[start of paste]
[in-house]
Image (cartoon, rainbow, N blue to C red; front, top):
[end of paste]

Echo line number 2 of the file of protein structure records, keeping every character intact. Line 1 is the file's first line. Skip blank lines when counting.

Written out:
Image (cartoon, rainbow, N blue to C red; front, top):